Many people struggle with a bunion on the little toe – this condition can cause unpleasant symptoms and interfere with your everyday life. Before you learn about treatment options, you should also understand the causes and symptoms. We’ve explained it all in this blog.
What Is a Bunion on the Little Toe?
A bunion on the little toe is called a tailor’s bunion or a bunionette. It’s the same thing as the bunion on the big toe – a bony protrusion on the side of the foot that’s a result of an irregular alignment of the metatarsal bone.
What Are the Causes of Little Toe Bunions?
The causes of bunionettes are similar to those of bunions – the changes in the biomechanics of your foot due to various factors such as wearing ill-fitting shoes, injuring your foot, having inflammatory diseases (like rheumatoid arthritis), or even having a genetic predisposition for bunion deformities.
What Are the Signs and Symptoms of Bunion on the Little Toe?
Bunions on little toes cause similar symptoms as those on the big toes. The most important issue is pain, which will gradually become more severe. The bump on the little toe becomes more prominent over time as well. There is redness, swelling, and inflammation of the skin in the area of the tailor’s bunion.
The discomfort is increased when you wear tight shoes because the bunionette rubs against the inside of the shoe. Keep in mind that a person can have bunionettes on both feet at the same time – but they don’t have to cause the same symptoms.
What Are the Treatment Options?
If ignored, bunionettes will only continue to get worse and hurt more. That’s why you need to treat them – start by scheduling a visit with your foot doctor. They will tell you all about non-surgical and surgical treatment options. In most cases, conservative treatment is the first thing you will try – doctors will rarely suggest surgery as the first choice of treatment if the bunion isn’t too severe.
Non-Surgical Treatment Options
There are numerous non-surgical methods available for the management of bunion symptoms. First, you should start by changing your footwear – find something that’s comfortable, with wide and deep toe boxes that won’t put pressure on your bunionette. It’s always a good idea to add over-the-counter bunion pads into the shoes to cushion the area – this will reduce the pain.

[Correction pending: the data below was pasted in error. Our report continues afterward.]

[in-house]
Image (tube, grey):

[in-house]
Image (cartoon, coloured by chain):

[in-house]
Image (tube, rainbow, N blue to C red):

Massages and ultrasound therapy are also helpful in managing the symptoms, and physical therapy is beneficial as well. If none of this is enough, your last resort can be taking over-the-counter pain medications such as NSAIDs or getting steroid injections.
Surgical Intervention for Little Toe Bunions
Although non-surgical options can help, they certainly can’t get rid of the bunionette. The only thing that can permanently correct the deformity is surgery. Tailor’s bunions can be fixed with traditional open surgery or minimally invasive surgery.
Traditional surgery is reserved for the most complex cases since it requires wearing a cast for several weeks, and it comes with a longer recovery period compared to minimally invasive procedures. On the other hand, minimally invasive surgery means that your surgeon will just make a few small incisions – the trauma to the tissue won’t be as severe, and the recovery period will be swift.
Schedule a Consultation With a Doctor in Miami and Find Out How to Get Rid of the Tailor’s Bunion
If you suspect you have a bunionette, don’t waste any more time – reach out to a podiatrist who can help you. Our team of doctors at Luxe Foot Surgery clinic is here for you. We specialize in treating this kind of foot condition and would be glad to answer all your questions about bunions and recommend the best course of action for you. Contact us to book your appointment!